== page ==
Did you know that there at least 323 different authors who have written about vampires?! And that's just on my hard drive. God only knows if there are more where those came from. I haven't read all of them (even I have boundaries) but the few that I have, like Richelle Meed's Vampire Academy series, L.A. Banks' Vampire Huntress Series, L.S. Smith's The Vampire Diaries series and Night World series (J'adore Ash Redfern), Anne Rice's The Vampire Chronicles (you can't make a list about vamp lit without those) and more recently P.C. Cast & Kristin Cast's House of Night series have left a mark in me, too. Let me point another thing in common they have: they are all  women. Girls, you have got to stop this! And also drop the tendency to write a story in a series of books! Do you have any idea what you're doing to me? You are driving me crazy! I can't rest until I'm done with the last book of your series! It's part of my nature. Infinite Thanks to Bram Stoker, for writing the masterpiece of the genre in only one book. And he HAD to be a dude. Really, girls, where does that leave us?

How many times has a story to be told? And in how many ways? I think we need more authors that create universes from scratch. That's one of the reasons I like Kami Garcia & Margaret Stoll's Caster Chronicles. They make their own rules. Also old school writers of the horror/paranormal genre like Mary Shelley, Robert Louis Stevenson, Edgar Allan Poe and even Stephen King have successfully created not-vampire related stories that need to be lived up to. C.S. Lewis, Lewis Carrol, Diana Wynne Jones and so many more that prove that creating your own rules and your own universe may not turn out to be so horrible. Write about ghosts, fairies, werewolves (on their own, not linked to vamps... they need to bright solo), leprechauns, elves, witches, ogres, monsters made of several human parts sewed together... the possibilities are endless. Just saying.

But what is it about vampires that makes their stories so compelling? Yes, the sarcasm is noted. After extensive self-analysis, I still have no clue why I like them so much.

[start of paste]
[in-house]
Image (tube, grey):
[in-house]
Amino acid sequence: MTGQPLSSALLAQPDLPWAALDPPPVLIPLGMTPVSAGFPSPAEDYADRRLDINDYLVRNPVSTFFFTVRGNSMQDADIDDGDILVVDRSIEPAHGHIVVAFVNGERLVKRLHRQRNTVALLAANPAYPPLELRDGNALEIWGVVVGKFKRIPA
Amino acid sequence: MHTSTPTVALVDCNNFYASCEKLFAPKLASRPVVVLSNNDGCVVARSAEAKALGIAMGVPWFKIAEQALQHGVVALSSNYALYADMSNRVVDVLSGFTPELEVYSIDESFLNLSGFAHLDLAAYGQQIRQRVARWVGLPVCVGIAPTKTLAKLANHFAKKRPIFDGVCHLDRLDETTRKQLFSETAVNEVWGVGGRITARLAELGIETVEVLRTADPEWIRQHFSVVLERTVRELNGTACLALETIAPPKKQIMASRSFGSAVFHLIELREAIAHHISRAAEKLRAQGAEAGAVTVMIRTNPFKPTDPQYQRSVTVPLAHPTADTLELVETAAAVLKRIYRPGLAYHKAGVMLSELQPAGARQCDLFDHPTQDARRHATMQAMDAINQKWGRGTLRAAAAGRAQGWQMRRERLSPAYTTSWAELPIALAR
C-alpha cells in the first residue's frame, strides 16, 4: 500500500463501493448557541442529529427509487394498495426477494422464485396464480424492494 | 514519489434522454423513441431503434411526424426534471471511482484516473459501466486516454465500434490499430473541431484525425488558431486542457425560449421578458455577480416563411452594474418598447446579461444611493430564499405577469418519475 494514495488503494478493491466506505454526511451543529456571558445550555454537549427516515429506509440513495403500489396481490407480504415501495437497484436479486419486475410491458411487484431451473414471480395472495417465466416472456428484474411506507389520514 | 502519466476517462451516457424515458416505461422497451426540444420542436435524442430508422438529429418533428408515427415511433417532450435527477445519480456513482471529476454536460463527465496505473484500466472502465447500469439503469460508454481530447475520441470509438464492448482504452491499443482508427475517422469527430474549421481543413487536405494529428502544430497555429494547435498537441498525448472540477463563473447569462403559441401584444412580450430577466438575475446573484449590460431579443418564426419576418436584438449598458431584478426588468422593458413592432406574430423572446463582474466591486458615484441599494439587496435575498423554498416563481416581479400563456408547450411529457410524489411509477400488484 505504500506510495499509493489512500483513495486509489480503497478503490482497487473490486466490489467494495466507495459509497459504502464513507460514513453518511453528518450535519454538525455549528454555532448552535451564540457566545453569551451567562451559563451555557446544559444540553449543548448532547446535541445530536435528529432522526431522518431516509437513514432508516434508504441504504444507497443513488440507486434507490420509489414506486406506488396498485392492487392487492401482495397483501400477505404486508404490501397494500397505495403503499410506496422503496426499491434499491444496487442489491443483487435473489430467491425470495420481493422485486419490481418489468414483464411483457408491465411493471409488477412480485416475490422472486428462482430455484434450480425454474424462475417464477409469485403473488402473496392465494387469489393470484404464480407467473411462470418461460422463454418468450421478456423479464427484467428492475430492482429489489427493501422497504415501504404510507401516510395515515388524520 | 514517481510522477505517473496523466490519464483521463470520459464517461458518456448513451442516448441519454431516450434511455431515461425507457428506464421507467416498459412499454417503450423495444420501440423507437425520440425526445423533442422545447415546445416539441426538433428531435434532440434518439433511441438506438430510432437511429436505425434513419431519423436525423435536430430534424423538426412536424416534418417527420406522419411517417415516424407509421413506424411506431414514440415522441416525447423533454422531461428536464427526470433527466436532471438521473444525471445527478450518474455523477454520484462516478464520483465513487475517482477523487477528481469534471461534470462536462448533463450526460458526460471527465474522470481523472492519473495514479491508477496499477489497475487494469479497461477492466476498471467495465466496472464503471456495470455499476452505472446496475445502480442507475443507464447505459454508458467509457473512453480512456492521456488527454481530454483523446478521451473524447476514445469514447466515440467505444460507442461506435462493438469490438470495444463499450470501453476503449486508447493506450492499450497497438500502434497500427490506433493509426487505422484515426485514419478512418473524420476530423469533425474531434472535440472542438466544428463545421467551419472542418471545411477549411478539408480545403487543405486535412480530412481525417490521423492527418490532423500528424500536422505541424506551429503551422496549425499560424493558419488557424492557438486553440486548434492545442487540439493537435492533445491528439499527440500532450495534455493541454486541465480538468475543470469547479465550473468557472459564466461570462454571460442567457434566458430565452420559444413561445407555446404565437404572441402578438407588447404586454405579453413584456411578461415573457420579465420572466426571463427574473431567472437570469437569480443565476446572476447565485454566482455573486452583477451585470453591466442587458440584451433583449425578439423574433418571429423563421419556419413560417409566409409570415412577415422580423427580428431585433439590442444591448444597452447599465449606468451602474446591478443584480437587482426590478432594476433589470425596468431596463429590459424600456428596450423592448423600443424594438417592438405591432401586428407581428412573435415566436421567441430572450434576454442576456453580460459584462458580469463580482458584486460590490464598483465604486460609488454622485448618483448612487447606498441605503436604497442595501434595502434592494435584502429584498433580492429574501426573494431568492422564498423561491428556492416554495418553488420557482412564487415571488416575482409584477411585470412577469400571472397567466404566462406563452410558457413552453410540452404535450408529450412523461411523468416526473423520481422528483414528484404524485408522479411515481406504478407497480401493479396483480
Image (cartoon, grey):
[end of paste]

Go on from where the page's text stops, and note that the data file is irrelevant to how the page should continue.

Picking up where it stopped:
I can, however, vow never to write about them. Seriously, I enjoy them so much, and like to believe that every version has its charm, but they are not leaving me reading room for anything else. 

** I've read this post again after almost a year and something became quickly apparent to me. One-and-something year ago, I didn't have a clue about what "hot" books were out there. I haven't discovered at the time Cassandra Clare, Holly Black, Jennifer L. Armentrout, Laini Taylor, Jennifer Lynn Barnes, Ally Carter, Julie Kagawa, Meg Cabbot, Melissa Marr, Karen Marie Moning, Lauren Oliver, Veronica Roth, Wendi Higgins, Becca Fitzpatrick, Gayle Foreman, Rick Riordan or Kiersten White... I could go on. My point is that, having been away from the blogosphere for a while, I forgot how very little I actually knew about books a year ago (or how much I've learned in as much time). 

I was going to delete this post due to its innacuracy to my current opinion in the matter, but decided against it for a few reasons. I feel like it's a nice view of how my 20-year-old mind worked. Can't say I'm very proud of that, but... the point is that I did feel those things at some point. Maybe it was that discomfort towards the vampire genre that made me discover so many new and awesome books or maybe it was just a natural evolution of my reading cravings. Whatever the reasons, I'm proud of my broader tastes in genres. Maybe by reading it, and disagreeing with me, you can introduce me to some other masterpieces in YA or UF genre whose existance has been a mistery to me. And viceversa :D